OK, I filed my answer to summons (california) and it's been over 30 days and I have not seen or heard anything from this credit card collection company or the court! I have been checking the court case on line to see if they have filed anything else but so far nothing. Should I file a motion to dismiss? Or just leave it alone?
This is normal. The next step for the court will likely be to set a hearing for a pre-trial conference or something similar. If you have any grounds for dismissal, that should have already been filed unless the ground is failure to prosecute which likely has not elapsed as of yet.
This is not legal advice. If you are in need of legal advice, you should seek the guidance of local legal counsel.
Just leave it alone. You do not have any basis to file a motion to dismiss. Civil cases take quite a long time. You will not likely hear anything or receive anything for several months. If your case is an "unlimited jurisdiction" case, the court will set a Case Management Conference in about 4 to 5 months from now.
You may also be receiving "discovery" from the credit card company. This process is the exchange of evidence which occurs before trial. None of the discovery documents are filed with the court.
If your case is pending in the Orange County Superior Court, you can take a look at the online case status at:
Debt Collection Attorney
Within 180 days after the date the original lawsuit was filed, the court will typically set a case management conference which will then set the schedule for trial, mediation and most other court-related items. In the meantime, though, you can contact the attorney and discuss settlement ideas and/or propound discovery. Waiting is not the best idea ever.
Joshua P. Friedman received his juris doctorate from Loyola Law School of Los Angeles and his bachelor of arts from the University of Pennsylvania. He is a licensed attorney specializing in collections and judgment enforcement. He has been named a Super Lawyers Rising Star for the past 3 years by Los Angeles Magazine. Josh lectures regularly on issues relating to collections and judgment enforcement, including local bar associations and for National Business Institute (NBI) for continuing legal education credit. Josh currently also serves as a member of the Board of Directors for the California Creditors Bar Association and Vice President of the California Association of Judgment Professionals.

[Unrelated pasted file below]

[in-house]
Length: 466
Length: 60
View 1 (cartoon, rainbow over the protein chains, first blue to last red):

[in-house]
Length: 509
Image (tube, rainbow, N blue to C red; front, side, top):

Disclaimer of California Attorney
Although the above response is believed to be accurate, it should not be relied upon as any type of legal advice because the information provided is incomplete. It is intended to educate the reader and a more definite answer should be based on a consultation with a lawyer. No attorney client relation is formed with me without a written contract.
Joshua P. Friedman
Since you are posting to the bankruptcy area for answers, I assume you may be considering bankruptcy. While it is correct that you may do nothing further and leave the next move to the creditor as advised previously, do bear in mind that eventually, short of dismissal, this claim will eventually lead to a judgment.
Should that occur, and again assuming that you will be found liable for some or all of the charges on the account, a money judgment, once entered, is the basis for the creditor to seek issuance of an abstract of judgment. Once recorded in the office of the County Recorder, that abstract results in the creation of a judgment lien on any real property you own in Orange County, including your home. While judgment liens that impair your right to claim a homestead exemption can be avoided (made to go away), doing so is an additional step with costs and attorney's fees.
You can avoid the problem by instituting the bankruptcy before the creditor has obtained the judgment. Sometimes, a little planning can save a lot.